So there are a couple of intriguing storylines heading into Thursday's NBA Draft: Wall to my Wiz... Cousins vs. Favors... Gordon Hayward as Top 10 pick?
But, for me, the most intriguing storyline is Latavious Williams, who skipped college basketball to play in the D-League for the one-year moratorium the NBA put on his draft eligibility.
I posted about him last year: He became the first high school player to jump from prep-to-pros domestically since the NBA raised the age-limit. Williams went from high school to the D-League.
And I think he represents a huge future, as long as the NBA continues to insist that NBA-worthy high school players put in at least a year of college.
I have argued this before, and it is pretty simple: If your goal is to be a professional basketball player, you will get better training -- perhaps far better training -- for your career playing pro basketball in the D-league than you will in college basketball, particularly if you're only spending a year.
You will get pro coaching. You will get used to the pro lifestyle. You will be tracked by NBA scouts. The league's mandate is to position you to get to the NBA.
College basketball's mandate is not to get its players to the NBA. And any coach who says that is their goal is forgetting that their own job security comes first. (Nevermind that any college coach who says his No. 1 goal is to get his players to the pros shouldn't be a college coach.)
Let me put this simply: Even if he is "only" a 2nd-round pick, Latavious Williams is better off for having played a year in the D-League than playing a year in college basketball. Undoubtedly, his draft stock would not be as high as it is now. He wouldn't be close to being ready.
(By the way, this also goes for him going straight to the NBA Draft out of high school; he is better off with a mandatory year in the D-League before draft eligibility, which bridges the gap for me between hating the age limit and wanting to see enhanced pre-draft player development.)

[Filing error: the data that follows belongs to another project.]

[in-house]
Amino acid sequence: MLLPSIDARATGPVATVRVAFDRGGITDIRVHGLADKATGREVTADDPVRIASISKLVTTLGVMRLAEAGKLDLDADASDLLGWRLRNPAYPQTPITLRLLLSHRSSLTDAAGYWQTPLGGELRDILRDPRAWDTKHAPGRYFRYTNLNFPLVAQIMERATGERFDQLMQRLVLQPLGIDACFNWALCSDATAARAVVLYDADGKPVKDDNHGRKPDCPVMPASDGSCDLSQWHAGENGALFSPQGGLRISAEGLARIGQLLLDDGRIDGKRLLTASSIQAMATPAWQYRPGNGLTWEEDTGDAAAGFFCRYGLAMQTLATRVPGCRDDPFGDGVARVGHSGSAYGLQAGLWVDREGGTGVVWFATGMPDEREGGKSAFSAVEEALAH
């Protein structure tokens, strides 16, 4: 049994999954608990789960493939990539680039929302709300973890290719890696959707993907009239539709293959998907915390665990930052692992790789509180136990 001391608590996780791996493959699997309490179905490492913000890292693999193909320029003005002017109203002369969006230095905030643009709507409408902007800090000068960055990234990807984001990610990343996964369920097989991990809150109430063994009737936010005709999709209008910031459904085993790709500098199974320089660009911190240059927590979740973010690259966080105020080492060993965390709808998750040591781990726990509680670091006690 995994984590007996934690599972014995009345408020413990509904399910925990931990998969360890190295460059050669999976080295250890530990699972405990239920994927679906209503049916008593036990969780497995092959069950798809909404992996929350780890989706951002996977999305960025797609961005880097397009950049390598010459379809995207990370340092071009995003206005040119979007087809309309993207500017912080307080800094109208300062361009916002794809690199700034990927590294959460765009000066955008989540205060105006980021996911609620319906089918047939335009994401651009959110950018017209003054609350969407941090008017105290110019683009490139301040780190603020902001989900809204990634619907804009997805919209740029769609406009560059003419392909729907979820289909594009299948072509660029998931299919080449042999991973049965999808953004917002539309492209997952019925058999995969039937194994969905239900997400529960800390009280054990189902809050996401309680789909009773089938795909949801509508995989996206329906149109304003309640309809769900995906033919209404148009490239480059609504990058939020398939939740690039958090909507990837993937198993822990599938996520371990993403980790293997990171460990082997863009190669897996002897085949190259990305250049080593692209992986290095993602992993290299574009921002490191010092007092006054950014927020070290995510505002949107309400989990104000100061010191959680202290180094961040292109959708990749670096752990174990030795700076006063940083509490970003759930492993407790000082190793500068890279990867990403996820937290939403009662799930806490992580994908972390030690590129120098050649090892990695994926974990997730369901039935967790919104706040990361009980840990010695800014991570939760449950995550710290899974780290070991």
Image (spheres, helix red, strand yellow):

Consider the slew of early-entry college players -- not to mention four-year college players -- who will be drafted after Williams (if they are drafted at all).
Then consider whether they would be closer to their goal of playing professionally if they had -- say -- decided to play professionally from the start.
This is beyond Brandon Jennings spending his one-and-done year in Europe, then showing up for the NBA far more mentally and physically prepared than any college player. This is about shifting the main framework of prep-to-pro player development from college to a domestic pro league.
Here's to many more high school players following the positive experience Williams had in the D-League and following him there.
Let's replace "one-and-done" with "one-and-development."
UPDATE: Naturally, after I wrote a draft of this yesterday, the New York Times' inimitable college sports reporter Pete Thamel published a story yesterday about Williams. Obviously, it isn't as strident as my position -- but if you read between the lines, it should serve as primary support for my argument.